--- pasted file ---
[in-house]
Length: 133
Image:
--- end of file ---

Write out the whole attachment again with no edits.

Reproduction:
[in-house]
Length: 133
Image: